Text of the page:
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Of the various types of Derby-style cheeses, Little Derby refers to the kind that is produced outside of Derbyshire, where the English cheeses are traditionally made. The mild cheese is comparable to cheddar cheese in both its consistency and taste. Many Little Derby cheeses are flavored with an aromatic herb, such as sage.
Little Derby cheese has a pleasant, mild flavor. Its coloring is darker than traditional Derby cheese. This is due to the fact that the annato seed used to provide the coloring in Derby cheese is usually not used in making Little Derby. Coloration for the cheese is provided, however, with a red wine soak, which renders the rind of the cheese a richer, orange hue.
A good Little Derby is left to age for at least six or seven months before use. This type of cheese is made with pasteurized cow's milk, resulting in a fat component of nearly half of the entire cheese. The rennet, or digestive enzyme, used to create Little Derby is usually a vegetarian component. This differs from typical cheese composition, which is made with the rennet found in the stomach of a cow.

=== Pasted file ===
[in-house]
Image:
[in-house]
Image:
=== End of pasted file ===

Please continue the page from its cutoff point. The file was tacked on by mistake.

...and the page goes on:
Many different types of flavoring agents, from herbs to vegetables, may be used to instill flavor nuances in a round of Little Derby. Onions are a popular flavoring agent with this cheese, as is garlic. In addition to sage, chives, black pepper, and many other herbs may be used to modify the taste of Derby cheese. Dried chilli can provide the cheese with a zesty heat, while condiments like mustard can make the cheese tangy. Like many other cheeses, Derby can be smoked with wood if desired.
The finished, firm cheese is typically a round shape. It may be sold as such, or in sliced wedges. The finished product is usually very heavy, making its name a deceptive title. Due to the renown and similar flavor to cheddar cheese, cheddar is usually more popular than Little Derby, and heavily outsells the lesser-known cheese. Fans of Derby know it to be slightly milder than cheddar.
Using this type of Derby cheese is also similar to using cheddar. It can be sliced and used on sandwiches, or cubed and served with wine at a formal gathering. It can be melted and cooked into a sauce to pour on top of vegetables or to dip breads in, or even drizzled on pasta.